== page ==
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Umbilical Cords

August 28, 2011 | By Mark Swed, Los Angeles Times Music Critic
Popular music and classical music may be distinct genres with their own traditions and social mores, but cross-pollination has long been the way of most musics. If nature abhors a void, she adores a hybrid. Jazz, for instance, developed when 19th century African Americans filtered the waltz and other aspects of Western music through African musical traditions, producing a new language to express their situation in America. Take a peek at 21st century Brooklyn, which John Adams called the new Montmartre at a Green Umbrella concert last season.
February 21, 2009 | Shari Roan
Walking, smiling and fidgeting, 3-year-old Dallas Hextell has become a poster child for the promise of stem cell therapy, a cutting-edge treatment approach that may one day heal diseases such as diabetes, brain injury and Parkinson's. But he has also become a symbol, researchers say, of the worst side of experimental medicine: jumping to conclusions.
June 19, 2011 | By John M. Glionna, Los Angeles Times
The drop box is attached to the side of a home in a ragged working-class neighborhood. It is lined with a soft pink and blue blanket, and has a bell that rings when the little door is opened. Because this depository isn't for books, it's for babies — and not just any infants; these children are the unwanted ones, a burden many parents find too terrible to bear. One is deaf, blind and paralyzed; another has a tiny misshapen head. There's a baby with Down syndrome, another with cerebral palsy, still another who is quadriplegic, with permanent brain damage.
January 2, 1994
OB Tech Inc., which is developing a unique disposable system called Cordguard for sampling blood from umbilical cords, has been sold to a Utah medical device manufacturer for $2.5 million. The Huntington Beach company's deal with Utah Medical Products, announced in August, was completed after Utah Medical studied the effectiveness and profit potential of Cordguard. The device allows doctors to stop the flow of blood from newly cut umbilical cords and take sterile samples for laboratory analysis.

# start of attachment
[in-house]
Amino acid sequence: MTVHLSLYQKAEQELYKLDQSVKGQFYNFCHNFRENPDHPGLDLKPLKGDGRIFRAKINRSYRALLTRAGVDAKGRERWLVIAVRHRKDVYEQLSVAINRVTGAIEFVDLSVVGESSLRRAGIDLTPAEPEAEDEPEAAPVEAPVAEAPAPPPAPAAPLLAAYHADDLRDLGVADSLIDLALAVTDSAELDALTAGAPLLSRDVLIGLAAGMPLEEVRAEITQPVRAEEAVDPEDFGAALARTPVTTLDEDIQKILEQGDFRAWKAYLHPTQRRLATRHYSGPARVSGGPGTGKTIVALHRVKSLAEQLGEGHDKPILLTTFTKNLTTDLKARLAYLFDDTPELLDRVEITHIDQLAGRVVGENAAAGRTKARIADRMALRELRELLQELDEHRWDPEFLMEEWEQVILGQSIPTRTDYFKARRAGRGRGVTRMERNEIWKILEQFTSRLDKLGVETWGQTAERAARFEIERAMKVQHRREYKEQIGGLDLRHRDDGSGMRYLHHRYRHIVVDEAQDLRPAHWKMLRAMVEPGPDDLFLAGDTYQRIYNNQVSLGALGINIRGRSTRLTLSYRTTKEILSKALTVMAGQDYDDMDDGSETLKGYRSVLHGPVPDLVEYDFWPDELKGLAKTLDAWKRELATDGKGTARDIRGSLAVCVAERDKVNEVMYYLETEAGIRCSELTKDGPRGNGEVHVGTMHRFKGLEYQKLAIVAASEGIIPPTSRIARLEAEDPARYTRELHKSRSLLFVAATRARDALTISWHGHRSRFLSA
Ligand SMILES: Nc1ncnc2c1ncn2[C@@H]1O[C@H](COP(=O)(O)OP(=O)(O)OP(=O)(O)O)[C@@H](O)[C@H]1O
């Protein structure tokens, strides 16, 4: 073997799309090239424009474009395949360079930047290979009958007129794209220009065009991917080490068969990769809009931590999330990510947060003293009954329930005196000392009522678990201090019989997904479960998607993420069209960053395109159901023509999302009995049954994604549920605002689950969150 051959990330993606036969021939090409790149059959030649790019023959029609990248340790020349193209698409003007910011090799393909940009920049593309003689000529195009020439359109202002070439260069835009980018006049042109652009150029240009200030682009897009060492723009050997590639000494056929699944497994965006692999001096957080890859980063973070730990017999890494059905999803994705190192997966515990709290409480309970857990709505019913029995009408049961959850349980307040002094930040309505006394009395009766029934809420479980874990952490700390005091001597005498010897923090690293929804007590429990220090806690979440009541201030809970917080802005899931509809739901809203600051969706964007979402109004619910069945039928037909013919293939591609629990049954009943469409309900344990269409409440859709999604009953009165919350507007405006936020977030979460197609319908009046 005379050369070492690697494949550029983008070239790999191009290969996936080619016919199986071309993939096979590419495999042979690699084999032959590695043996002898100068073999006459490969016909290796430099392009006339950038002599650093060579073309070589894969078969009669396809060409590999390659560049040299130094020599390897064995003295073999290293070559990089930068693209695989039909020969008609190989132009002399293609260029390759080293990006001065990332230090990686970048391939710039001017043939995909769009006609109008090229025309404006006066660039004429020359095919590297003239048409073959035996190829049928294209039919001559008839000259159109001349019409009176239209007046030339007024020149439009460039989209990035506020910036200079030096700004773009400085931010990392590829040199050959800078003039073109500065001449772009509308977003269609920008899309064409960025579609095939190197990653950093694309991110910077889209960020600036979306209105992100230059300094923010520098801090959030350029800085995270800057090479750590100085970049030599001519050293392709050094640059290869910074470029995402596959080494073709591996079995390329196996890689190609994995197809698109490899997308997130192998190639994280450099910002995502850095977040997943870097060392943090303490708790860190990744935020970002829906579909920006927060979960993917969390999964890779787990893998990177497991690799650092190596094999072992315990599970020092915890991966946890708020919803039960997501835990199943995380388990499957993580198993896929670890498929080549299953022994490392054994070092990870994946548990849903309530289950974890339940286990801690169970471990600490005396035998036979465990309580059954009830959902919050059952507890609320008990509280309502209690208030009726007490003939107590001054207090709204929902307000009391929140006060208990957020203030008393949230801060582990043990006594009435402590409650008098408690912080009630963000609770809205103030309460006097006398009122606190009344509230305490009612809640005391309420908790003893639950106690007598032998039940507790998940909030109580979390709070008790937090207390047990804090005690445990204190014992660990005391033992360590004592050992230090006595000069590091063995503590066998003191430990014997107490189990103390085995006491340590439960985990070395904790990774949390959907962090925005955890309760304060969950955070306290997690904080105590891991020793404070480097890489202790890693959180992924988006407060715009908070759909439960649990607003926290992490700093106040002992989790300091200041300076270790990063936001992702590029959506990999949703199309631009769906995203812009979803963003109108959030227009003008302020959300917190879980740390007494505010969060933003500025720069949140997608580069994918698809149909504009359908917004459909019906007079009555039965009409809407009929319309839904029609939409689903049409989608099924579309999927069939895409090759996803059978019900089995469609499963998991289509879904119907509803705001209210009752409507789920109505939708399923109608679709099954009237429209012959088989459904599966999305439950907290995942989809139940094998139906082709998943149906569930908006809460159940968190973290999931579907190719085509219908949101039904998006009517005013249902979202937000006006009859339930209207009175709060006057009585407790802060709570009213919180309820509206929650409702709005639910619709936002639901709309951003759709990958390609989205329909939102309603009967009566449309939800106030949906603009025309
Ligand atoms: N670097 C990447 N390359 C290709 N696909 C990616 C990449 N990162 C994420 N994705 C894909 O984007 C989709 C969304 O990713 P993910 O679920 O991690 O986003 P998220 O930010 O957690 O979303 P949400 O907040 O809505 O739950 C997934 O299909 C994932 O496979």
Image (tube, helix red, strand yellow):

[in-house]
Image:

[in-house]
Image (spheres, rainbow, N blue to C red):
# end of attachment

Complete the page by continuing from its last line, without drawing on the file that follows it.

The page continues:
November 27, 1998 | From Times Wire Reports
Blood taken from newborns' umbilical cords appears to offer a good source of lifesaving tissue for cancer victims and others who likely would die without bone marrow transplants and do not have related donors. The largest study yet of transplants using cord blood for patients who have no related donors shows a lessened risk of potentially fatal reactions that can result when people get marrow from donors whose tissue types are not closely matched.
June 17, 1998
Four newborn sea lions, said to be residual victims of El Nino, are under 24-hour care at San Pedro's Marine Mammal Care Center, officials said. "Luckily, they have each other," said Jackie Ott, center director. "They're mother-dependent for up to a year, so we'll be tied up for a while here." The pups were abandoned on local beaches and brought to the nonprofit treatment facility by animal control agencies two weeks ago, when they were just two days old.
August 26, 1989 | From Associated Press
A judge on Friday imposed 15 years of probation on a cocaine-addicted mother convicted of delivering drugs to two of her children through their umbilical cords at birth.
June 1, 1992 | From Times Staff and Wire Reports
A farm worker was found guilty of second-degree murder for the July, 1991, death of her newborn son in a portable toilet in a Saticoy onion field. But the Ventura County Superior Court jury found Francisca Maria Sanchez Jimenez not guilty of attempting to murder another son, who was rescued from a flush toilet at her Oxnard residence two years ago. With her second-degree murder conviction, Jimenez, 23, must face another jury trial to determine whether she is innocent by reason of insanity.
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